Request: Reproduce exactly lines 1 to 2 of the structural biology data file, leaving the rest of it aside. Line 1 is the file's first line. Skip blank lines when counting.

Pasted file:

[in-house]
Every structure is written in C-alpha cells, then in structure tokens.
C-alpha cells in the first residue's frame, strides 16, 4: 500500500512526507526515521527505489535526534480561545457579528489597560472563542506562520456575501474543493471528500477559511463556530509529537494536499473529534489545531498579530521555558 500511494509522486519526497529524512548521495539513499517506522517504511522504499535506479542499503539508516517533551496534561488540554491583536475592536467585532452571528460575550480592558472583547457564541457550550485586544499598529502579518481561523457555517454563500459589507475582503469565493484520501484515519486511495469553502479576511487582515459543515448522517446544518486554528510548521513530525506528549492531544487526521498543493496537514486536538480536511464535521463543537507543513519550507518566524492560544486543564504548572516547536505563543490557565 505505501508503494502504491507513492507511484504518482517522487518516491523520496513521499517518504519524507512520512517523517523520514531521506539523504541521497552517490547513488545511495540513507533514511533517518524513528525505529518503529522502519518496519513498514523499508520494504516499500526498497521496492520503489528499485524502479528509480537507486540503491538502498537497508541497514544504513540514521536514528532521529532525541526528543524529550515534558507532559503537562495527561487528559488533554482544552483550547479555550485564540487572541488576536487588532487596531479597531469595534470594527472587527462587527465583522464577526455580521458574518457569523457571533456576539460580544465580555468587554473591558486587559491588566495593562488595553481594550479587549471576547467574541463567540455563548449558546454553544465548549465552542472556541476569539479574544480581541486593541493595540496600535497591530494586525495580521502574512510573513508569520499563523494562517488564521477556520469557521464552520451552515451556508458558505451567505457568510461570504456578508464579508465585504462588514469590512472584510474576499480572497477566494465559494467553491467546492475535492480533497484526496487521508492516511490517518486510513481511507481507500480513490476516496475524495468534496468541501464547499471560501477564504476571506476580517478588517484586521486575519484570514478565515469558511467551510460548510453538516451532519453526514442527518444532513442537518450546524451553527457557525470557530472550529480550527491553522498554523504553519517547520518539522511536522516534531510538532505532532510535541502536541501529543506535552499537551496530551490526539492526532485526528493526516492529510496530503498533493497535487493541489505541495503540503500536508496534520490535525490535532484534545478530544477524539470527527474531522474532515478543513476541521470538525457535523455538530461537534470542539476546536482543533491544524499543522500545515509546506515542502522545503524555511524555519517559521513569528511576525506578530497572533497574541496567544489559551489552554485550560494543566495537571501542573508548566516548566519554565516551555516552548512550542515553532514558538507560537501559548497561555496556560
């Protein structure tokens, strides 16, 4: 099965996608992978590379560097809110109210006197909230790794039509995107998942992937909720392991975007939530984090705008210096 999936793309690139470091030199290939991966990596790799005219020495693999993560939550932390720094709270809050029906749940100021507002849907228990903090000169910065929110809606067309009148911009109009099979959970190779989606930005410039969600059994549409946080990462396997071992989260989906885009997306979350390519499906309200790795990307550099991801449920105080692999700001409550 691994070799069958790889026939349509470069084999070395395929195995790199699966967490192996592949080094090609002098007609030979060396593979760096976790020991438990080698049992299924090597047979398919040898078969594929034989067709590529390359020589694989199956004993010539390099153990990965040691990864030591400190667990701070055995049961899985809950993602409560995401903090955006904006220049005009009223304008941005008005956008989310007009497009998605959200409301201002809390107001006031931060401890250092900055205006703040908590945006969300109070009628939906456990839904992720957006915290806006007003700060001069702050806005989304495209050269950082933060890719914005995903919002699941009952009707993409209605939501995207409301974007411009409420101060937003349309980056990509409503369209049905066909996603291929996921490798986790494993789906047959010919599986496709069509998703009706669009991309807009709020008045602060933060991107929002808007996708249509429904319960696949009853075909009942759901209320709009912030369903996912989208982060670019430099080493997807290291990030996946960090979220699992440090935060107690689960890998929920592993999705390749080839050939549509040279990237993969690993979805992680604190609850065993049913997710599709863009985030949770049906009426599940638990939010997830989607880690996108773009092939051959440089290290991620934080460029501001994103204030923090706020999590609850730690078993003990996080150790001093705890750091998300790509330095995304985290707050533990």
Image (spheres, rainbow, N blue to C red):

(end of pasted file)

[in-house]
Every structure is written in C-alpha cells, then in structure tokens.